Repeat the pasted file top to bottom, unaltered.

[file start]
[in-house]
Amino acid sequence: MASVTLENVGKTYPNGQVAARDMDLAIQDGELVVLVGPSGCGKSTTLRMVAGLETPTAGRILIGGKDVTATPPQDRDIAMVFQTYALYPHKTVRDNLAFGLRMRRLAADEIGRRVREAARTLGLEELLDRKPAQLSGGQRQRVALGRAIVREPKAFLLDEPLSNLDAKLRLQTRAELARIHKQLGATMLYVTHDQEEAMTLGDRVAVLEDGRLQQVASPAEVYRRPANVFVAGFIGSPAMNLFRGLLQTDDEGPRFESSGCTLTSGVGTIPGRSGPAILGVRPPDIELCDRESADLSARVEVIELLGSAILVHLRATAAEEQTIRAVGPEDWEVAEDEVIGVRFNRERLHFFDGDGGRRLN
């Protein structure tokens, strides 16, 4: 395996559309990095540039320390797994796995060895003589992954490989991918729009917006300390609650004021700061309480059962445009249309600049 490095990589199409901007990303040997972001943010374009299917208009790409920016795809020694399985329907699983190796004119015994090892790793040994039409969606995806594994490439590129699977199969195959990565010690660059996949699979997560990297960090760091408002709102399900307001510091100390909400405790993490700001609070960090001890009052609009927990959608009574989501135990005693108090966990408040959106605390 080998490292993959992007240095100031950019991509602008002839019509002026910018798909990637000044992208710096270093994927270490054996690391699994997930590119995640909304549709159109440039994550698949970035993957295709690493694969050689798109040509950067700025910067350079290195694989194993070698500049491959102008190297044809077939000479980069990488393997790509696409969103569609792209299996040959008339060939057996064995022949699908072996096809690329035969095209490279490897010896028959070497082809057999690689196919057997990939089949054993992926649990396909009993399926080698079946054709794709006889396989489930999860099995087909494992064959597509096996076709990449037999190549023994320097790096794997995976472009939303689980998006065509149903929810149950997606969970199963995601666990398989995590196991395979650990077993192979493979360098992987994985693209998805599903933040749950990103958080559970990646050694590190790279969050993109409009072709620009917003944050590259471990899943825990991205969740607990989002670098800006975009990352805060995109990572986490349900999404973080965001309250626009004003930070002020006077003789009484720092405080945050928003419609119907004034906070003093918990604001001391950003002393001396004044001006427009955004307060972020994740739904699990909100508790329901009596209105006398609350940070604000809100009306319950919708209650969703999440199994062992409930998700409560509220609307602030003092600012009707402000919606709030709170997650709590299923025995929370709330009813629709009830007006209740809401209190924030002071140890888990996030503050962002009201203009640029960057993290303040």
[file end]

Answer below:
[in-house]
Amino acid sequence: MASVTLENVGKTYPNGQVAARDMDLAIQDGELVVLVGPSGCGKSTTLRMVAGLETPTAGRILIGGKDVTATPPQDRDIAMVFQTYALYPHKTVRDNLAFGLRMRRLAADEIGRRVREAARTLGLEELLDRKPAQLSGGQRQRVALGRAIVREPKAFLLDEPLSNLDAKLRLQTRAELARIHKQLGATMLYVTHDQEEAMTLGDRVAVLEDGRLQQVASPAEVYRRPANVFVAGFIGSPAMNLFRGLLQTDDEGPRFESSGCTLTSGVGTIPGRSGPAILGVRPPDIELCDRESADLSARVEVIELLGSAILVHLRATAAEEQTIRAVGPEDWEVAEDEVIGVRFNRERLHFFDGDGGRRLN
């Protein structure tokens, strides 16, 4: 395996559309990095540039320390797994796995060895003589992954490989991918729009917006300390609650004021700061309480059962445009249309600049 490095990589199409901007990303040997972001943010374009299917208009790409920016795809020694399985329907699983190796004119015994090892790793040994039409969606995806594994490439590129699977199969195959990565010690660059996949699979997560990297960090760091408002709102399900307001510091100390909400405790993490700001609070960090001890009052609009927990959608009574989501135990005693108090966990408040959106605390 080998490292993959992007240095100031950019991509602008002839019509002026910018798909990637000044992208710096270093994927270490054996690391699994997930590119995640909304549709159109440039994550698949970035993957295709690493694969050689798109040509950067700025910067350079290195694989194993070698500049491959102008190297044809077939000479980069990488393997790509696409969103569609792209299996040959008339060939057996064995022949699908072996096809690329035969095209490279490897010896028959070497082809057999690689196919057997990939089949054993992926649990396909009993399926080698079946054709794709006889396989489930999860099995087909494992064959597509096996076709990449037999190549023994320097790096794997995976472009939303689980998006065509149903929810149950997606969970199963995601666990398989995590196991395979650990077993192979493979360098992987994985693209998805599903933040749950990103958080559970990646050694590190790279969050993109409009072709620009917003944050590259471990899943825990991205969740607990989002670098800006975009990352805060995109990572986490349900999404973080965001309250626009004003930070002020006077003789009484720092405080945050928003419609119907004034906070003093918990604001001391950003002393001396004044001006427009955004307060972020994740739904699990909100508790329901009596209105006398609350940070604000809100009306319950919708209650969703999440199994062992409930998700409560509220609307602030003092600012009707402000919606709030709170997650709590299923025995929370709330009813629709009830007006209740809401209190924030002071140890888990996030503050962002009201203009640029960057993290303040």